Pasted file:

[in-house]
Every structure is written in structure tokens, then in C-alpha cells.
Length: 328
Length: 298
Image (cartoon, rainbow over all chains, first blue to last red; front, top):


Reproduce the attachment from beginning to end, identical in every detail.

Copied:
[in-house]
Every structure is written in structure tokens, then in C-alpha cells.
Length: 328
Length: 298
Image (cartoon, rainbow over all chains, first blue to last red; front, top):